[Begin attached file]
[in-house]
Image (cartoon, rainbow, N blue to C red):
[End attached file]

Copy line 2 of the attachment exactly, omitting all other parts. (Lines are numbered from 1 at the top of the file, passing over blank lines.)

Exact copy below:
Image (cartoon, rainbow, N blue to C red):